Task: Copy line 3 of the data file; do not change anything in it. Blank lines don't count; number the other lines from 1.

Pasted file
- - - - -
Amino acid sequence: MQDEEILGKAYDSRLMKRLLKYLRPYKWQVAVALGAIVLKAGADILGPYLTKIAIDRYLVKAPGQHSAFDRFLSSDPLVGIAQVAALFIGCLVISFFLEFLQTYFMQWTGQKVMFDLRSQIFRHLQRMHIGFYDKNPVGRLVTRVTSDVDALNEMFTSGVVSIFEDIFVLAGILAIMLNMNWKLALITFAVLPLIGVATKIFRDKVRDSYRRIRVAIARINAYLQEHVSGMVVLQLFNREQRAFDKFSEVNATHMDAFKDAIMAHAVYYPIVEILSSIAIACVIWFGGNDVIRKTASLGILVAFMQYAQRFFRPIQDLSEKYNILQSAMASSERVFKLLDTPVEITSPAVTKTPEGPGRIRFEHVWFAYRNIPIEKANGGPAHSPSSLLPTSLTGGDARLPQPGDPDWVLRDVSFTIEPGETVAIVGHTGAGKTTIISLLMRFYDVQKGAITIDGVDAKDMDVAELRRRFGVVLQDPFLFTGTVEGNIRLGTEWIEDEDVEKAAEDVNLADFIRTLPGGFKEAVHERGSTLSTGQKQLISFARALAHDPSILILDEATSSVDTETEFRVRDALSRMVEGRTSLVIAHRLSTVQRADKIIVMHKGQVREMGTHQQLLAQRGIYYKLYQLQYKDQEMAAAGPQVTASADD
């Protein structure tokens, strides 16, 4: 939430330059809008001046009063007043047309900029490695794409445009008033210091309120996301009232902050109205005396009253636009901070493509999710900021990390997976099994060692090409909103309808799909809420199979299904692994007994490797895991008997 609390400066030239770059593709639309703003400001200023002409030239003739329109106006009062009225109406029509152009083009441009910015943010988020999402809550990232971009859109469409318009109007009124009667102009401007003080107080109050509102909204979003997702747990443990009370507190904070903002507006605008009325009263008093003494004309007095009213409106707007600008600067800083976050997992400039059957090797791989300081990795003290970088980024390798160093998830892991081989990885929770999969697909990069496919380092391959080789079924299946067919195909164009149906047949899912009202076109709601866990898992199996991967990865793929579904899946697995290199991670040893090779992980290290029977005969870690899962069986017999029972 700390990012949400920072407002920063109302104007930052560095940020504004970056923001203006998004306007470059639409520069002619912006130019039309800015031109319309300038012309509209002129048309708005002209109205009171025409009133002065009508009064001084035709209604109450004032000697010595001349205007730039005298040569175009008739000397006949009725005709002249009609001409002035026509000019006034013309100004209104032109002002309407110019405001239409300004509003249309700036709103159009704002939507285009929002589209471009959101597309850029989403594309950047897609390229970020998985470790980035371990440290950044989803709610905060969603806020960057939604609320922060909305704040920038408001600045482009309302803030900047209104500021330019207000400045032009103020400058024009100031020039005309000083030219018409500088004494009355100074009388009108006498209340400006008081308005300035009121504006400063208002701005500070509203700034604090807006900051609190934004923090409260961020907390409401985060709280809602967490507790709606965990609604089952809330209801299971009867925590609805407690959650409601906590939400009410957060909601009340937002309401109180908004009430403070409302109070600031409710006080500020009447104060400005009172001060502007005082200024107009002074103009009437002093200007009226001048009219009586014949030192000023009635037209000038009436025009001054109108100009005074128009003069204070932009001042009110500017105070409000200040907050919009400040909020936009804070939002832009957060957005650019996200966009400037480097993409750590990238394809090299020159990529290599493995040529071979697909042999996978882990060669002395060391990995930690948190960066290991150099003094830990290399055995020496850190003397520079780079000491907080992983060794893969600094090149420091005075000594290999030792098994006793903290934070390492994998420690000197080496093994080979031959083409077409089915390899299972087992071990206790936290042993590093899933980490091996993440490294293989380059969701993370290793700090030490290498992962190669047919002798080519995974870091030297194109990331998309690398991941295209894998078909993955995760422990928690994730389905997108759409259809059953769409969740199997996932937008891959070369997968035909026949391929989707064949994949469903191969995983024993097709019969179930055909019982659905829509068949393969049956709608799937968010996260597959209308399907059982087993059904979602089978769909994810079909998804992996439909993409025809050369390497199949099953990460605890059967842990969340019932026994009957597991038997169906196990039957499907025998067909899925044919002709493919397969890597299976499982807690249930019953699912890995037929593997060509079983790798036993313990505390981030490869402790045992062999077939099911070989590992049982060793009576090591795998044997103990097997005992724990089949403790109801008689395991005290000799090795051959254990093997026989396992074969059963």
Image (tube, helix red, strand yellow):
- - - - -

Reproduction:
Image (tube, helix red, strand yellow):